Blame Teachers

The Emotional Reasons for Educational Reform

By:
Steven P. Jones, Missouri State University

A volume in the series: Studies in the Philosophy of Education. Editor(s): John E. Petrovic, The University of Alabama.

Published 2015

There is a story going around about the public schools and the people who teach in them—a story about how awful our nation’s teachers are and why we should blame teachers for the poor state of our public schools. But is the story about teachers right or fair? Why do so many people point fingers at teachers and seem to resent them so much?

Blame Teachers: The Emotional Reasons for Educational Reform examines why many people blame teachers for what they understand to be the poor state of our schools. Blame comes easily to many people when they read about poor student performance and how “protected” teachers are by teachers’ unions and tenure policies. And with blame comes resentment, and with resentment comes demands for all kinds of educational reform—calls for more standardized testing, merit pay, charter schools, and all the rest. And we expect teachers to like and accept all the reforms being proposed.

Conceiving educational reform out of blame and resentment aimed at teachers does no good for teachers, students, or schools. Blame Teachers outlines many of the strange and unacceptable assumptions about teaching and the purposes of education contained in these educational reforms. Intended for teachers, teacher education students, policymakers and the larger public, Blame Teachers suggests much better and more productive conversations we can have with teachers—conversations much more likely to improve teaching and learning in classrooms. The book argues for conversations with teachers that don’t begin or end with blame and resentment.

In this lively, personal meditation on what it means to be a teacher, Steven Jones demonstrates how an emotional, unreasoned ‘blame game’ directed at teachers by educational reformers today is undercutting the future of the nation’s children. It is doing so by threatening to deprive them of teachers as contrasted with by‐the‐numbers technicians. Today’s reformers neglect the philosopher Spinoza’s time honored insight, that a person in the grip of emotion is “in human bondage” and simply cannot see the truth of things. Can educators themselves, in tandem with knowledgeable members of the public, transform the reformers’ dogmatic, harmful narrative about our teachers? Jones’ thoughtful study will surely help in this much‐needed effort. ~ David T. Hansen, Weinberg Professor in the Historical and Philosophical Foundations of Education, Teachers College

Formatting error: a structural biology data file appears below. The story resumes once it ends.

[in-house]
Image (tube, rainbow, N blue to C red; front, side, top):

CONTENTS
Justifying Reforms and Changes to the Teaching Profession. Blame and Resentment. Blame, by Any Other Name. Those Who Can’t, Teach. Standards, Accountability, and the Value of Learning. Teachers: Guilty as Charged. Giving Students Good Reasons to Learn. Don’t Blame Teachers

REVIEWS
"Cultural shifts over the last half century have left educators vulnerable to myriad attacks from the public, politicians, and corporate entities. Battles over the means, methods, and efficacy of education, which manifest in debates over curriculum, funding, and assess-ments, limit and in some cases imperil educators’ efforts to facilitate learning. Jones (2015) levels reasoned, insightful criticisms at those who seek to restrict teachers’ praxes and abolish protections such as tenure which allow them to carry out research and expand pedagogy. The author’s useful text staunchly defends the teaching profession and exposes the mendacity of education leaders such as Arne Duncan and the detrimental effect neolib-eralism has had on the profession, primarily in charter schools. The text behooves educa-tors and those preparing to enter the field to guard themselves against cultural and politi-cal threats to the profession and to decode the language used to vilify and dismantle edu-cation in its truest sense." Jarrett Neal Aurora University in Critical Questions in Education (Read full review)